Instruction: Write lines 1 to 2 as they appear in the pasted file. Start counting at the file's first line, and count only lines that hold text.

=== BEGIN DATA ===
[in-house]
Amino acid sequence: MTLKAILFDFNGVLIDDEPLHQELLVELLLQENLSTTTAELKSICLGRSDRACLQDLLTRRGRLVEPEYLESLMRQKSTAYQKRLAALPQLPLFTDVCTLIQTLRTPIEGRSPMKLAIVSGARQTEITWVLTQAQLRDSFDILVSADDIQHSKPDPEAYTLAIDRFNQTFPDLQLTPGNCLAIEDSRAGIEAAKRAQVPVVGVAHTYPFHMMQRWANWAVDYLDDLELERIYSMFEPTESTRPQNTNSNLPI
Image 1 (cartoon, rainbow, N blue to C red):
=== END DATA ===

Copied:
[in-house]
Amino acid sequence: MTLKAILFDFNGVLIDDEPLHQELLVELLLQENLSTTTAELKSICLGRSDRACLQDLLTRRGRLVEPEYLESLMRQKSTAYQKRLAALPQLPLFTDVCTLIQTLRTPIEGRSPMKLAIVSGARQTEITWVLTQAQLRDSFDILVSADDIQHSKPDPEAYTLAIDRFNQTFPDLQLTPGNCLAIEDSRAGIEAAKRAQVPVVGVAHTYPFHMMQRWANWAVDYLDDLELERIYSMFEPTESTRPQNTNSNLPI